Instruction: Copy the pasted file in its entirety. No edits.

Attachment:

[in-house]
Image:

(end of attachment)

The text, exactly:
[in-house]
Image: